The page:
Entry 16

One of the artists I had the most pleasure meeting was an animator from Fox News, Eric Wagner. While looking for a seat on the Metro North one Friday night, I chose to sit down next to a younger looking gentleman. Interested in the hand-held game he was playing, I inquired what type of device he was playing on. He politely told me he was playing a Nintendo Switch.

We began engaging in a casual conversation and it turned out we both attended the School of Visual Arts, studied 3D animation, and knew some of the same professors. The major difference was that he was ten years older than me and he had won an Emmy at his previous job working for Good Morning America. I was in awe of his accomplishments.

Anyway, he and I exchanged information.  Then we met up for him to show me “Spiders Walk,” his thesis project. His film was very unique and showed the world from the perspective of two spiders. It was even featured on Good Morning America. I don’t want to give away the plot; I will drop the link down below. While I am extremely arachnophobic I have never seen a film like his and I will never see spiders in the same way again.

I felt like I made a major connection with Wagner and he gives me pointers on my senior design project I am working on. I feel very fortunate we have met and am glad I made his acquaintance. Meeting him made me realize you never know who you’re sitting next to.

Here is the link to Eric’s thesis:

Entry 14

Another creative app I tested was called Penup. While visiting the Best Buy in Union Square (a store I frequently visit), I noticed an application was open on a Samsung tablet. The application’s interface looked similar to AutoDesk Sketchbook. It had the same arrangement of tools to create digital illustrations. The brushes were on the left hand side of the drawing page. The color picker was on the right hand side of the page. This was an exact copy of the arrangement of tools in Sketchbook. Either way, I did not mind. The program was easy to use. I quickly began drafting a digital illustration, changing line width and adding different colors. No tutorial was necessary due to its simplistic and intuitive user interface. I enjoyed it so much I created an illustration of Madonna wearing her famous cone bra. Unfortunately, I accidentally deleted it. Maybe it was for the best. It was not my best work. Like the AutoDesk application, I will give Penup a 10/10. They were both simple and fun to use.

Entry 13

A creative app I am learning to use is AutoDesk Sketchbook. The program is intuitive and provides a wide variety of drawing utensils to use. Such utensils include brushes, markers, pens, pencils, and airbrushes. Also, there is a great variety of colors that can be added to your palette with the color editing tool. While digitally illustrating, each tool allows you to alter the size of the brush tip, as well as the opacity of the color on the page. You can also change the brush pressure on the page as well. It is almost like using an actual brush or drawing by hand!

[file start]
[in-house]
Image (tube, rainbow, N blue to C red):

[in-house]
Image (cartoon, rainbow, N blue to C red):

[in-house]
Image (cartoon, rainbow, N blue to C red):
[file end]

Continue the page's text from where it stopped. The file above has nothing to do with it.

Another feature I enjoy altering is the texture of the brush. This allows you to create unique strokes on the page, giving you, the user, a wide variety of brush strokes. The organic, realistic sensation of the drawing tools in the program are so natural, you can paint realistic drawings with the application. I give this program a 10/10 stars!


Entry 12

Another artist I had the pleasure of meeting was Tanya St. While walking through the 14th Street Union Square train station, I saw a long line of beautiful paintings displayed against the wall. Each painting was a portrait of a person’s face with warm blends of colors dripped onto the canvas. They appeared to be organic, irregular splotches of color that had been poured onto the frame, boldly forming an easy to identify face. Her work was a breathtaking combination of classic and abstract art. The way St combines vibrant water color hues makes the canvas appear explosive. I was able to get her business cart and speak with her. To view her work, visit http://www.tanya-st.com.

Entry 11

One Sunday, I unexpectedly networked with an artist on the streets of New York City who was conducting a public art project. Her name was Jaime Sunwoo. Her creative process was very unique:

She had a table with various crunchy snacks on plates, such as pretzels and other delicious treats. She asked random people to select a snack of their choosing. Then, after selecting a snack, she would take the snack, put it in her mouth, and much away at it. While chewing, she would put her cheek next to your ear so you could hear the sound of her eating. It was quite an unusual experiment. On her website, jaimesunwoo.com, she describes her work as a “sensory performance,” which it was.

After listening to her chew, she offered me a snack to chew and let my friend who was with me, listen to me chew. I am not sure why, but after letting my friend hear me chew, I felt much closer to them. I felt her project was not only unique but had the potential to unite New Yorkers  in an unusual way.

To see the videos of the chewing experiment, visit:


Entry 10